Agnes of Kuenring

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Agnes of Kuenring (born about 1236), was an Austrian noblewoman, courtierwoman of Queen Margaret of Austria and mistress of her husband, King Ottokar II of Bohemia. She was the first historically documented mistress of a Bohemian sovereign.

Life[edit]

Nothing is known about Agnes' early years. It is supposed that when Duchess Margaret of Austria married with Prince Přemysl Ottokar of Bohemia in 1252, she was part of her retinue as a lady-in-waiting.

Described by the chroniclers as one of the most beautiful women in court, with short cut red hair (she was nicknamed Palcéřík for that), Agnes soon captivated the young Prince and, with around only 16 years old, she became his official mistress. One year later, in 1253, Prince Přemysl Otakar succeeded his father as the King of Bohemia.

Queen Margaret was much older than her husband and already barren. It is believed that she offered young Agnes to King Ottokar II as his mistress. This story was described by the chronicler Přibík Pulkava of Radenín:

At first the (Margaret's) shame of infertility was attributed to her husband. When Prince Přemysl learned about that, he said: Give me one of your ladies and prove my potency or impotence. She agreed and gave him one of the girls she loved more than others, the daughter of the House of Kuenring from Austria. In the first year she bore him a son, Nicholas, who was later made Duke of Opava... In addition, she made him father of three daughters (...). So the infertility, earlier attributed to the husband, was credited to his wife.

The relationship between King Ottokar II and Agnes was well known by contemporary sources, and perhaps she even accompanied the King on festive occasions, instead of the aging Queen Margaret.

Around the first year of the affair (ca. 1254–55), Agnes gave birth her first child, a son, named Nicholas, later Duke of Opava. It is known that she bore the King more children, but the exact number is contradictory in sources; it is believed that they had three daughters: Agnes (married Bavor III, Lord of Strakonicz), Elisabeth (married Vikard, Lord of Polna and Burgrave of Brünn) and one unknown daughter (wife of Vok, Lord of Kravař), and another son, Jesek (d. 26 August 1296) (later Priest at Wysehrad).[1]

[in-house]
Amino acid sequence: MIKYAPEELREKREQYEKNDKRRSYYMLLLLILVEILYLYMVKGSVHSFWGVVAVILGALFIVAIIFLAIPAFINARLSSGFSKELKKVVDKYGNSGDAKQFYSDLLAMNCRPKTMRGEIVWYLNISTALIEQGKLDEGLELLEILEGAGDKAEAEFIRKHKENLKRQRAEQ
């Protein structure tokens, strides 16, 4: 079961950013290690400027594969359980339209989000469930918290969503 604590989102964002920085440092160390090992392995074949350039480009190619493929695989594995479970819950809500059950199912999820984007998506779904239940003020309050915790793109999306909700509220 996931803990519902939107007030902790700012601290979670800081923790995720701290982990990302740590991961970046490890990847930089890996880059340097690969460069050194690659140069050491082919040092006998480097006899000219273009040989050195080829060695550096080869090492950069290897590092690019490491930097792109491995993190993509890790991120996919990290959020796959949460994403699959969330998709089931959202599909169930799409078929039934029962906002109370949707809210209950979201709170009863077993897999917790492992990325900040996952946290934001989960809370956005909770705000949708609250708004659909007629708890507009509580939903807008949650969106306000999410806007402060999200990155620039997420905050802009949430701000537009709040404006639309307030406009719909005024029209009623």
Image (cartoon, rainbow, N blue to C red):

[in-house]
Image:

After the birth of his eldest son, King Ottokar II's main objective was the recognition of this child as his heir. In 1260 he unsuccessfully asked Pope Alexander IV for the legitimation of Nicholas and his siblings. The King divorced Margaret in 1261 and remarried. It's not known what happened with Agnes after that, but supposedly she returned to Austria with the former Queen.

Footnotes[edit]

  1. ^ Marek, Miroslav. "Genealogy of the Dukes of Opava". Genealogy.EU. [self-published source][better source needed]; Cawley, Charles, BOHEMIA, Foundation for Medieval Genealogy, retrieved August 2012 ,[better source needed]. In these sources, three other unknown daughters are mentioned, who respectively married Markvart z Trnavy (member of the House of Wartenberg (see Marek, Miroslav. "source waldstein/waldstein11.html#MT source". Genealogy.EU. [self-published source][better source needed])), a certain Lord of Weitra and Henry V of Kuenring (perhaps a relative), Lord of Weitra in 1280 (probably identical to the first).

References[edit]

  • ŠAROCHOVÁ, G. V. Radostný úděl vdovský. Královny-vdovy přemyslovských Čech. Praha, 2004.
  • ČECHURA, J. Ženy a milenky českých králů. Vydání 1. Praha ; Akropolis, 1994.